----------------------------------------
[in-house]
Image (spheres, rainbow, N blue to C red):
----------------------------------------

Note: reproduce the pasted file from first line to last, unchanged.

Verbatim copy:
[in-house]
Image (spheres, rainbow, N blue to C red):